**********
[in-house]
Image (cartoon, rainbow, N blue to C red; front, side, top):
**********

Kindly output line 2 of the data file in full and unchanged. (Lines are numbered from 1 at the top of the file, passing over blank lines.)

Image (cartoon, rainbow, N blue to C red; front, side, top):